Skip to main content
Dryad logo

How much is enough? Sampling intensity influences estimates of reproductive variance in an introduced population

Citation

McLennan, Elspeth; Belov, Katherine; Hogg, Carolyn; Grueber, Catherine (2021), How much is enough? Sampling intensity influences estimates of reproductive variance in an introduced population, Dryad, Dataset, https://doi.org/10.5061/dryad.8cz8w9gqb

Abstract

Conservation introductions to islands and fenced enclosures are increasing as in situ mitigations fail to keep pace with population declines. Few studies consider the potential loss of genetic diversity and increased inbreeding if released individuals breed disproportionately. As funding is limited and post-release monitoring expensive for conservation programs, understanding how sampling effort influences estimates of reproductive variance is useful. To investigate this relationship, we used a well-studied population of Tasmanian devils (Sarcophilus harrisii) introduced to Maria Island, Tasmania. Pedigree reconstruction based on molecular data revealed high variance in number of offspring per breeder and high proportions of unsuccessful individuals. Computational subsampling of 20, 40, 60, and 80% of observed offspring resulted in inaccurate estimates of reproductive variance compared to the pedigree reconstructed with all sampled individuals. With decreased sampling effort, the proportion of inferred unsuccessful individuals was overestimated and the variance in number of offspring per breeder was underestimated. To accurately estimate reproductive variance, we recommend sampling as many individuals as logistically possible during the early stages of population establishment. Further, we recommend careful selection of colonising individuals as they may be disproportionately represented in subsequent generations. Within the conservation management context, our results highlight important considerations for sample collection and post-release monitoring during population establishment.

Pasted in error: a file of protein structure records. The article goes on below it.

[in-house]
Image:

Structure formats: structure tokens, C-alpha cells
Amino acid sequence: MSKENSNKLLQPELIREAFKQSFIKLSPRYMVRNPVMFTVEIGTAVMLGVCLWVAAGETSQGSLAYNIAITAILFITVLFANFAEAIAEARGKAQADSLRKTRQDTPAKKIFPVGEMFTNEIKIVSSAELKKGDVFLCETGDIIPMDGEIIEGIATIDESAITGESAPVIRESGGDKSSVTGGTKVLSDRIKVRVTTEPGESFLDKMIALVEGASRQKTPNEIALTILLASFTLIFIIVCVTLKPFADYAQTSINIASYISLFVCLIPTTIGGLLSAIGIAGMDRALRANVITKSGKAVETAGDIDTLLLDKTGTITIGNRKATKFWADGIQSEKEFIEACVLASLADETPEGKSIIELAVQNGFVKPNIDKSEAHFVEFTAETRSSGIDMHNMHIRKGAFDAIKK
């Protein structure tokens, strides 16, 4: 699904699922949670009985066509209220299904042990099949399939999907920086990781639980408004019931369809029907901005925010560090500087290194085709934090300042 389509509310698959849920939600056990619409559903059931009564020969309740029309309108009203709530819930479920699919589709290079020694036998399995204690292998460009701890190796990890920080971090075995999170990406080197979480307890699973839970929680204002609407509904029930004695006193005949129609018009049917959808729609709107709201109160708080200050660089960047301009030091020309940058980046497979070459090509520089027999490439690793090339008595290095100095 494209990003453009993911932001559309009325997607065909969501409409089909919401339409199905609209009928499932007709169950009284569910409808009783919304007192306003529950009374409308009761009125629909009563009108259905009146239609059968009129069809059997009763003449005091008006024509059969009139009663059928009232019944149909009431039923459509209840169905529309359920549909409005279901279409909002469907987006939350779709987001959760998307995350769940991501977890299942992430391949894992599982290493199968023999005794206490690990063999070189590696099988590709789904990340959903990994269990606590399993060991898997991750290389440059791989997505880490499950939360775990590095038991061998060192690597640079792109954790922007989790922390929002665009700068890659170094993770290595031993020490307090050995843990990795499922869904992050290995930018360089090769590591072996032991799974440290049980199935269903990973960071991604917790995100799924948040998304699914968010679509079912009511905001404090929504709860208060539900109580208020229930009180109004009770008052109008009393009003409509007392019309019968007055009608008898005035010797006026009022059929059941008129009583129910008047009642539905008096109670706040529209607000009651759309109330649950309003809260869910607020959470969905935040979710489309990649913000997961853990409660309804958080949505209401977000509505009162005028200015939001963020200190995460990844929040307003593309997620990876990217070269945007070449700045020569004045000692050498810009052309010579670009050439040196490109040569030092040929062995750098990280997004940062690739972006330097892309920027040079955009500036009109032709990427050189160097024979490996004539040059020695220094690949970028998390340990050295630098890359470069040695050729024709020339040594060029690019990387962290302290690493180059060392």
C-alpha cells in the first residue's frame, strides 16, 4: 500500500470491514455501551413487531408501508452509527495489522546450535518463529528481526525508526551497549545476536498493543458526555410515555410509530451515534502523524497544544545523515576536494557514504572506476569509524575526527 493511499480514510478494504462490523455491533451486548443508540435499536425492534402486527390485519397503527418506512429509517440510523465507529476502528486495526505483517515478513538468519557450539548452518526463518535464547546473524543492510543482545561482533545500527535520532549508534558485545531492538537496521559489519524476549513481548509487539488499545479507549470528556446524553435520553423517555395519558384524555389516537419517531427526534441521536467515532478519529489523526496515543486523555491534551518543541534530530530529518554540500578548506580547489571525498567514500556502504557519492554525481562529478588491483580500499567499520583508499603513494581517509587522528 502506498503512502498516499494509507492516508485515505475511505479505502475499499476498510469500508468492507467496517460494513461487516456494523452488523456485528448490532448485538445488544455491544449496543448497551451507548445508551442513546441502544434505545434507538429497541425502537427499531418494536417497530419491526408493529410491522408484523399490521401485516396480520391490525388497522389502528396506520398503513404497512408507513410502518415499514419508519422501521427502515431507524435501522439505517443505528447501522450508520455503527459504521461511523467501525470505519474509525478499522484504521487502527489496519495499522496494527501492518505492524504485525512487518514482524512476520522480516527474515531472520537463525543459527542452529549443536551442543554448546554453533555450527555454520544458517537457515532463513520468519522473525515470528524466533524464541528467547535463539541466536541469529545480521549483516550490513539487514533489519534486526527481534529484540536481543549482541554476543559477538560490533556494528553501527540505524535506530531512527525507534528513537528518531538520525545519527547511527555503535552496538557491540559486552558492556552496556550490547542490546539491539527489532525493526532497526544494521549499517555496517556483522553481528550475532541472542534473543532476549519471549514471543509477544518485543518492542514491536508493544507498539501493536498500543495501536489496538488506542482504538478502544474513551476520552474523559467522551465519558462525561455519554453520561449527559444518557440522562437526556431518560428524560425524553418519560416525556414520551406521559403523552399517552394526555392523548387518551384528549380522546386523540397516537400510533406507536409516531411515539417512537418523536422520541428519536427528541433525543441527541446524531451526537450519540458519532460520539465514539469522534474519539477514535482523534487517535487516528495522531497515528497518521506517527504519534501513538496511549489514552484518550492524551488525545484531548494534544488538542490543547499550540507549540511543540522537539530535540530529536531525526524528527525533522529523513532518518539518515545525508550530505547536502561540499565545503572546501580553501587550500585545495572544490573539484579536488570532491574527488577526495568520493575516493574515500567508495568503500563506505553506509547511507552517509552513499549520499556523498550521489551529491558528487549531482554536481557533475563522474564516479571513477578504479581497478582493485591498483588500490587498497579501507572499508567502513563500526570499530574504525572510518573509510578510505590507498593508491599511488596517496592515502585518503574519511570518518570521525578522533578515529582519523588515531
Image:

Methods

This upload contains the fastq files geneated via DArT-seqTM, scripts and metadata used to perform pedigree reconstruction and subsampling analysis presented in the Ecological Applications article "How much is enough? Sampling intensity influences estimates of reproductive variance in an introduced population" (EAP21-0107).

SNP calls were first made using the Stacks/2.0b pipeline from fastq files geneated via DArT-seqTM (uploaded here). The output from Stacks 2.0b (vcf. file) was further filtered in R (script available https://doi.org/10.1186/s12864-019-5806-y). All filtering parameters are presented in the Materials and Methods section of the article.